In Christoper Buehlman’s Those Across The River, Frank and Eudora move to the small Georgia town of Whitbrow, where they plan to marry. Down on their luck and needing a place to live in the aftermath of them breaking up Dora’s marriage, Frank – a failed academic- plans to work on a book, while Dora teaches school in the community. They set up shop in a house willed to Frank by a dying relative, though they have been warned in a cryptic and rambling deathbed note by the same to never live in the house. Instead of heeding the note and selling, Frank and Dora settle into the slow and easy lifestyle of the town, getting acquainted with both neighbors and local gossip as Frank works on a book centered on his slave-holding ancestor in whom he takes a perverse pride. Of course, by the time they notice something is terribly amiss it’s mostly too late for them to stop what they encounter.
Those Across the River has so much to offer thrill-seeking horror lovers looking for literary turns of phrase to mull over while curled up with their book. Set in the years after World War I, the novel explores terrors both real and possibly imagined as readers learn the toll war has taken on veteran Frank, the insidiousness of racism, the evils of slavery, and the sinister cast of lingering small town sacrifices and rituals. Buehlman’s characters and observations of small town interaction are subtle and rich. The atmosphere conveyed in the book is heavy and foreboding and the perfect set up for a creepy secrets coming to life.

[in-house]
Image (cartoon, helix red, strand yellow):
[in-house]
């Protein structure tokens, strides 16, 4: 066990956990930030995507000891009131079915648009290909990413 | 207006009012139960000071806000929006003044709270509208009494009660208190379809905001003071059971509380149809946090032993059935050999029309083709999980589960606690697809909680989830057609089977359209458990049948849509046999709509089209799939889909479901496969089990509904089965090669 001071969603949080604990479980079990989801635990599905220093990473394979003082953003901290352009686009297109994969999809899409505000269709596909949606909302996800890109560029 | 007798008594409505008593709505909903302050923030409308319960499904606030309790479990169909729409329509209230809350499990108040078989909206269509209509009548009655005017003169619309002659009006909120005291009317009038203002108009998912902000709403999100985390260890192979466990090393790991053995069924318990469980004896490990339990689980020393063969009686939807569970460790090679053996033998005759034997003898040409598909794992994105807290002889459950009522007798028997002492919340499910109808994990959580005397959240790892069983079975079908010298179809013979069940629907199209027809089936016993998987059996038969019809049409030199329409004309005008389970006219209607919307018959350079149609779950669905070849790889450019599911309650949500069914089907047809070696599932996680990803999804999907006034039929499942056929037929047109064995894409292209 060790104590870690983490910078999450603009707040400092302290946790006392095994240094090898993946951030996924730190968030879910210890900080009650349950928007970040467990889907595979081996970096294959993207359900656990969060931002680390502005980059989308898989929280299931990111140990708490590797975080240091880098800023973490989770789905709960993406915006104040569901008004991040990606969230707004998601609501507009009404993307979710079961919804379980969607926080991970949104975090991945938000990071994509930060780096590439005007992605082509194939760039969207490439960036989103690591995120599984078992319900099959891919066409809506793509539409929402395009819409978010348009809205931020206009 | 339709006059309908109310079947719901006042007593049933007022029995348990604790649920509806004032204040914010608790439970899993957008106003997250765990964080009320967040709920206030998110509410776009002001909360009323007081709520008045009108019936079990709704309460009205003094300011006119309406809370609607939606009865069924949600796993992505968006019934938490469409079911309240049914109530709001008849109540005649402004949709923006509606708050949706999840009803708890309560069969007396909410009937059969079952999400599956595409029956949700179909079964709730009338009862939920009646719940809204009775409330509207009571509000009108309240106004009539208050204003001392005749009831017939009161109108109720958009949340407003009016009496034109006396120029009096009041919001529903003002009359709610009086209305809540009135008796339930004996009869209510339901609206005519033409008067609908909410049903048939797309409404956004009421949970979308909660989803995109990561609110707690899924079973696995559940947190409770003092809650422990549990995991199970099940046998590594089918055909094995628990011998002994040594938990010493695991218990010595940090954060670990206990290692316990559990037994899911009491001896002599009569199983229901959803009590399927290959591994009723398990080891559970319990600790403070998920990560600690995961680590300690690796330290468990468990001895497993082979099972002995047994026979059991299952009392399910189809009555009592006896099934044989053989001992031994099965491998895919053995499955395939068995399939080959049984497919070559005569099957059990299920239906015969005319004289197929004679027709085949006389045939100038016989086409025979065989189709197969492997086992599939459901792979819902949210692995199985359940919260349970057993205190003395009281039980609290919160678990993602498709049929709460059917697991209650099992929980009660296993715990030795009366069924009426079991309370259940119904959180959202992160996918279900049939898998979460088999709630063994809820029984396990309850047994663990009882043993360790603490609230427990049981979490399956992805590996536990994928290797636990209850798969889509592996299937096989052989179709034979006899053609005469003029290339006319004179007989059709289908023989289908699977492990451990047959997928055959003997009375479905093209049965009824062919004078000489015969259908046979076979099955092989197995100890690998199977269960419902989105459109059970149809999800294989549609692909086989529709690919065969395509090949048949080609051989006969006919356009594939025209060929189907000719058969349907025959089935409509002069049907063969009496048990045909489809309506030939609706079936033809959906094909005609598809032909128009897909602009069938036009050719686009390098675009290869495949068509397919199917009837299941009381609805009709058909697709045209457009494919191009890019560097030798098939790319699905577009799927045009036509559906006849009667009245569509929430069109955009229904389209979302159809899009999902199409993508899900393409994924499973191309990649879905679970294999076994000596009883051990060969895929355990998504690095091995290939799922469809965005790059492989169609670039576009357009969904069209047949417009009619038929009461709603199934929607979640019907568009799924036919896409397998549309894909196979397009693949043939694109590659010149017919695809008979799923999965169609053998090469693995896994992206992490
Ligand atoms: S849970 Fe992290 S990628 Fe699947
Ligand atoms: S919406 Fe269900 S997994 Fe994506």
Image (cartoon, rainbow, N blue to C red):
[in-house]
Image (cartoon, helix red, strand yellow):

Ultimately the book will hang together based on how much the reader feels the reveal meshes with what went before it, and how they feel about the influences at work in the town. I have to admit that after such a slow and delicious foreshadowing, look-over-your-shoulder spooky build, and wild speculation (on my part), I was disappointed with where it went. In some ways it was intriguing given the make-up and history of the town, but mostly I wished it had gone to a different place where I wasn’t so “meh” about the whole thing. Nevertheless, Buehlman’s writing and characterizations are thoughtful and intricate, and even though the end didn’t quite do it for me, it’s still a worthwhile read regardless. Literary horror fans should give it a try to see if it hangs together for them, and if they come away with a gem. Recommended.